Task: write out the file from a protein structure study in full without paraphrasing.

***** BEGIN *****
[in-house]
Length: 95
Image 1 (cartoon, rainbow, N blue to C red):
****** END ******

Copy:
[in-house]
Length: 95
Image 1 (cartoon, rainbow, N blue to C red):